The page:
Since school is an essential source of food and often the only opportunity to have access to computers and Internet connectivity for many poor children, they are especially disadvantaged when the politicians and the unions keep them locked out. The president can spend part of virtually every speech describing the human cost of shutdown — and especially the cost to the poor.
Second, to the economy is the issue of Vice President Biden’s character and corruption. Simple facts that are already public and uncontested should be repeated.
For instance, the University of Pennsylvania’s Biden Center received $70 million from the Chinese communist dictatorship while Biden collected $911,000 over three years from the school while doing virtually nothing. Things like this are part of a larger pattern of self-enrichment and abuse of public trust.
More and more facts are going to come out about the Biden family process of self-enrichment at the expense of America (there are thousands of emails, at least two smartphones filled with more material, and more “insiders” planning to talk).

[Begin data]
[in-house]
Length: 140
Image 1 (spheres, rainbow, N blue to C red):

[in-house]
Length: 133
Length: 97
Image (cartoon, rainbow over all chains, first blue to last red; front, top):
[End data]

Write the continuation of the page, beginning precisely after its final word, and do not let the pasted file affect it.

However, the reality is that the anti-Trump propaganda media will do everything possible to minimize the facts, distort the stories, and exonerate Biden from any allegations of wrongdoing regardless of the evidence. Only a constant low drumbeat from the president, vice president, surrogates, and advertising can drive the facts to the American people past the wall of pro-Biden hostility.
If calling out Biden self-enrichment is a strategy, it will move independents and even some Democrats. If it is only a tactic, it will fade away. The difference could be an amazing number of votes.
Finally, the president must spend about 10 percent of his time explaining the future with COVID-19 and the steps being taken to cope with it. This includes preparing schools to open safely, maximizing opportunities for small businesses and restaurants, and developing new therapies.
It also means communicating the steps to defeat the virus, such as vaccine development, production and distribution. The American people are still worried and threatened enough by the coronavirus that at least 10 percent of the closing days must be spent reassuring them that President Trump has a plan he is aggressively executing.
This 70-20-10 campaign will maximize the opportunity to win so decisively that it will be impossible for the Democrats to steal the election.
To read, hear and watch more of Newt Gingrich’s commentary, visit Gingrich360.com.